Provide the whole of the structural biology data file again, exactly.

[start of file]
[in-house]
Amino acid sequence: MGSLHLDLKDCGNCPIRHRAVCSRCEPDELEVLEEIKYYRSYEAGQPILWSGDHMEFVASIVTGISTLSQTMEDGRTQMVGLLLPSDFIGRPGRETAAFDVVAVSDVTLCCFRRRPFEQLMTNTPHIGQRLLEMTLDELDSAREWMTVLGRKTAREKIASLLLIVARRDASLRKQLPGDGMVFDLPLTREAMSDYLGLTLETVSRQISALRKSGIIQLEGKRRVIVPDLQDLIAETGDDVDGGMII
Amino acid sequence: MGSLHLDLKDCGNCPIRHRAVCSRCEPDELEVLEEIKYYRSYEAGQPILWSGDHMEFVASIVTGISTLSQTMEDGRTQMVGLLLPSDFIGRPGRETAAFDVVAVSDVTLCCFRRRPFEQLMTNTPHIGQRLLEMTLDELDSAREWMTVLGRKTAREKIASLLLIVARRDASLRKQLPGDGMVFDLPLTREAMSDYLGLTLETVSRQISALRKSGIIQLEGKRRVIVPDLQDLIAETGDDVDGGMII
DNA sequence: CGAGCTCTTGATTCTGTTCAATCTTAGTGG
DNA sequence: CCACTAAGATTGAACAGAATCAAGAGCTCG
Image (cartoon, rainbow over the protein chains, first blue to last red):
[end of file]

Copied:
[in-house]
Amino acid sequence: MGSLHLDLKDCGNCPIRHRAVCSRCEPDELEVLEEIKYYRSYEAGQPILWSGDHMEFVASIVTGISTLSQTMEDGRTQMVGLLLPSDFIGRPGRETAAFDVVAVSDVTLCCFRRRPFEQLMTNTPHIGQRLLEMTLDELDSAREWMTVLGRKTAREKIASLLLIVARRDASLRKQLPGDGMVFDLPLTREAMSDYLGLTLETVSRQISALRKSGIIQLEGKRRVIVPDLQDLIAETGDDVDGGMII
Amino acid sequence: MGSLHLDLKDCGNCPIRHRAVCSRCEPDELEVLEEIKYYRSYEAGQPILWSGDHMEFVASIVTGISTLSQTMEDGRTQMVGLLLPSDFIGRPGRETAAFDVVAVSDVTLCCFRRRPFEQLMTNTPHIGQRLLEMTLDELDSAREWMTVLGRKTAREKIASLLLIVARRDASLRKQLPGDGMVFDLPLTREAMSDYLGLTLETVSRQISALRKSGIIQLEGKRRVIVPDLQDLIAETGDDVDGGMII
DNA sequence: CGAGCTCTTGATTCTGTTCAATCTTAGTGG
DNA sequence: CCACTAAGATTGAACAGAATCAAGAGCTCG
Image (cartoon, rainbow over the protein chains, first blue to last red):